by FP Editors Oct 29, 2012 21:03 IST
Himachal Pradesh looks set for a tough electoral contest between the incumbent BJP and the opposition Congress. There’s no visible strong anti-incumbency wave against Chief Minister Prem Singh Dhumal yet but the Congress seems to have inched forward in popularity since 2007, promising to make the elections scheduled next week a close affair.
The pro-incumbency sentiment in the state is stronger than the anti-incumbent sentiment, according to a CNN-IBN survey. However, the margin between the main contenders is not large. The BJP still leads the vote share at 41 percent to the Congress’s 40 percent. But it’s a three percent slide for the former compared to the 2007 elections where it had secured 44 percent of votes. The Congress is one percent up. This is the closest the parties come in terms of vote share in two decades. [Click to view table]
The survey, with a sample size of 2014, was conducted across 119 polling stations in 30 assembly segments in Himachal Pradesh between 14 October and 21 October.
Forty percent of the respondents feel the Dhumal government should get a repeat mandate while 34 percent felt against it. However, the key to the final result could be the 26 percent who were undecided. Chief Minister Dhumal is still the most popular chief minister candidate with 34 percent of the respondents backing him. Congress’s Virbhadra Singh, despite the corruption taint, comes a close second with 33 percent backing him.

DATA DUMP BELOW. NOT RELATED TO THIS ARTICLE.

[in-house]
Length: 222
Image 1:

Shanta Kumar and Vijay Singh Mankotia come distant with two and one percent of the respondents backing them respectively. Dhumal scores high among voters of West Himachal and among Rajputs - 43 percent and 38 per cent respectively - while Virbhadra retains his popularity in East Himachal (38) and among the SC (37) community. Among the Brahmins, the BJP is way ahead than the Congress, while other upper castes remain divided between the two nearly equally.
Dhumal’s popularity, the survey shows, has been on the upswing since 2007. [Click to view table] His popularity in the top job has shifted from 25 to 34 percent in the last five years, while that of Virbhadra has declined from 40 percent to 33 percent. The rising popularity graph of Dhumal coincides with the gradual decline of BJP stalwart Shanta Kumar as a force. Among the Muslims and the STs the Congress holds the edge but among OBCs and SCs it’s too close to call.
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